I like the dpn idea, but I think I'll stick with picking up a bound off edge. Knowing me, I'd lose the dpn and the stitches.

Monika said...

Hi Abi, it's me again. I was just reading your comment on my blog, about a Mason Dixon knitalong. Is there such a thing? I've never joined a KAL, but read about it, so many do it. I think I'm done with the M.D. book. I did or am doing the three projects I liked the most; my mind is somewhere else already. But I'm still looking through it, because of the pictures and the funny articles. Hope to see more Lob Cabins from you soon, I just want to see how the squaeres develope. If I seem rude or pushy please forgive me, it's the ESL. ;o)

Monika said...

Hi Abi, here is a link to the Mason Dixon Kal. I thought you would like to know.
http://masondixonkal.blogspot.com/
Hope to see your Log Cabin there! ;o)
Monika

Monika said...

Well, I don't know where else I can send you my response, so here it goes: You were absolutely right; i've picked up along the sides, one by one and made the mitered squares last. I DO NOT LIKE SEWING KNITTED STUFF, so if I have to pick up stiches for miles and miles, I don't care. You have figured it out correctly. My Log Cabin square is resting, sleeping not growing at all. As you can see with my last posting, I made another blanky , multidirectional. It's fun and you get fast results. ;o) How's yours coming along? By the way, I started a summer top for myself with 4mm needles, down from 4.5mm. When will I break the 4mm barrier? ;o)

Cindra said...

Hmmmm, like the idea of not binding off... and like your dpn's. Where can I find a set like that? I am trying a variation of the log cabin with just two colors with a very subtle color change... am using it for a baby gift. When I bind off I use a ribbon for the adding of new stitches so it outlines with a shiny pretty substance the lines of the log cabin. I will post what I've done later this week on MDKA.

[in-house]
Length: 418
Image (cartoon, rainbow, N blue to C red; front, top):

JoAnne said...

Here's a thought - instead of using DPNs to hold your live stitches, why not put them on a stitch holder?

Abigale said...

The dpn's are Ivore brand Cassein needles that I ordered from Australia years and years ago - I got the whole set of dpns, and I love them! Except for 2 small problems - they taste bad, and my youngest son has been known to snap them like uncooked spaghetti noodles - snap, snap, snap. Tools, dude! Agghhh!

Anyway, I used these because they work for what I'm doing. Stitch holders would work fine, but just weren't to hand.

The ideal thing would have been if I could have used my Denise needles, they are so handy for this type of project - just change out the cables for different sections and presto! But I are a doofus and started this project on 3mm needles. Which are much smaller than the smallest size needle in the Denise kit.

When I began this project I just grabbed what was easy at the time, I'd misplaced my needle gauge, and don't have my needles organised by size or anything clever like that, I'm usually pretty good about eyeballing my needle sizes. Lesson learned: Start in haste, repent at your leisure!

I'm currently working on an Icarus shawl, but am definitely itching to get back to log cabinning.

Abi